365.24 (Sunday Nap)When I was twenty-five and working at a job that was grueling and thankless and rendered me suffering from stress-induced stomach aches, I eventually decided I’d had enough and I quit. I was engaged at the time, and living with my fiancé. We were to be legally married three months later.

When I told my mother I’d quit my job, the first words out of her mouth were, “What about health insurance?” I might have replied that I’d quit for my health, but I can’t remember. I’m sure I told her that my fiance’s company, in their overwhelming generosity, had offered to pay my COBRA fees for the three months until his insurance would cover me as his spouse. Since I spent the next several months working as a substitute teacher, the $300/month would have been a massive burden. I was very, very lucky. (On the flip side, how unlucky was I that I lived in a place that didn’t recognize common-law partnerships?)

Six months after we got married we moved to Canada, where my husband grew up. And that is why I am able to live the life I want to live, to make the living I want to make.

Because my health insurance is no longer tied to my job.

Oh, and it’s affordable.

And good.

If you’ve been reading my blog for a long time, you might have an idea about how much I’ve required significant healthcare in the last couple of years. Enough that I now have a sufficient medical history that should I ever get pregnant again I likely wouldn’t cross the border at all, in deference to my pre-existing conditions and the pesky travel insurance that might not hold up in the face of complications.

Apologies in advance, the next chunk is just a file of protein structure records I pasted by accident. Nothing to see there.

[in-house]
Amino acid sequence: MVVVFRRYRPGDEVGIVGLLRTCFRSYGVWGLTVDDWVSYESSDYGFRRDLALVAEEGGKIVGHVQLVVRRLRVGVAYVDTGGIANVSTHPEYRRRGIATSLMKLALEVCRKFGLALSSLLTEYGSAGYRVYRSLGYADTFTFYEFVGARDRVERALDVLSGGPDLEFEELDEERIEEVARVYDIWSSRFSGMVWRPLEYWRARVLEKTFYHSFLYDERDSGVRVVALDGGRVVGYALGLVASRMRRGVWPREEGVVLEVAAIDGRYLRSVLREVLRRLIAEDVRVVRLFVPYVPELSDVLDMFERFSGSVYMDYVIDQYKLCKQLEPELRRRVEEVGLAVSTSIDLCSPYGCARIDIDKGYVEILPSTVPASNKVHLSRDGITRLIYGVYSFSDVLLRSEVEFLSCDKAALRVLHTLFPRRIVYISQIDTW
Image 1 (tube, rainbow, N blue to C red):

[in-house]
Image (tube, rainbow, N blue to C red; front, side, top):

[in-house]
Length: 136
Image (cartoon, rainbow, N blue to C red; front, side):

Annie Modesitt has urged me to write about how having guaranteed health insurance has affected my work life, and all I can say about it, really, is that it has made my work possible. End of story. If I need or want to move on in my career, I can do so in my own time, at my own pace, in my own way. If I get pregnant, I’ll be a high-risk case from conception but I won’t have a financial concern about it. Which seems pretty right to me; my concern should be about my health.

In April, if I’ve had a good year, the Canadian government will take more of my money than the U.S. government would if I were living there, and I pay every dime of it with gratitude.

Yes, I’m a lefty and I believe very strongly that people have certain fundamental rights, but my personal experience has nothing to do with my politics. It has everything to do with my own quality of life. Not having to worry about health insurance allows me to be happy in my work in ways I couldn’t be otherwise—not with how variable a freelancer’s living is. It allows me to see a doctor when I need to, without a co-pay, and without concern about paying for tests she wants to run. It allows me to pursue any professional interest I have without going through the gatekeeper of traditional employment. It makes my health concerns my personal concerns, not something I have to argue about with pencil-pushers over the phone. Ever.

So maybe I will make this a little bit political. For the first time in many years, an administration that is open to providing universal health coverage will be in power in the U.S. Regardless of your political leanings, think hard about what you would personally gain from such a thing.

(P.S. It’s a fallacy when opponents to universal health care say the result would be that everyone would get the lowest-denominator, shittiest care. In most of the rest of the industrialized world, people enjoy government-supported health care. Yes, everyone has gripes; no system is perfect. But I’ll take this imperfect system over the pain- and stress-inducing American system any day.)